Turkish President Recep Tayyip Erdoğan on Wednesday denounced a planned French law designed to counter “Islamist separatism” as a “guillotine” of democracy, Agence France-Presse reported.
The draft legislation has been criticized both inside France and abroad for stigmatizing Muslims and giving the state new powers to limit speech and religious groups.
“The adoption of this law, which is openly in contradiction of human rights, freedom of religion and European values, will be a guillotine blow inflicted on French democracy,” Erdoğan said in a speech in Ankara.
The current version of the planned law would only serve the cause of extremism, putting NGOs under pressure and “forcing young people to choose between their beliefs and their education,” he added.
“We call on the French authorities, and first of all President [Emmanuel] Macron, to act sensibly,” he continued. “We expect a rapid withdrawal of this bill.”
Erdoğan also said he was ready to work with France on security issues and integration, but relations between the two leaders have been strained for some time.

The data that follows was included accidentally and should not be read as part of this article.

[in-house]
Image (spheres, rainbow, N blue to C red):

France’s government is in the process of passing new legislation to crack down on what it has termed “Islamist separatism,” which would give the state more power to vet and disband religious groups judged to be threats to the nation.
Erdoğan has already denounced the proposed measures as “anti-Muslim.”
Last October Erdoğan questioned Macron’s “mental health,” accusing him of waging a “campaign of hatred” against Islam after the French president defended the right of cartoonists to caricature the Prophet Muhammad.
The two countries are also at odds on a number of other issues, including Libya, Syria and the eastern Mediterranean.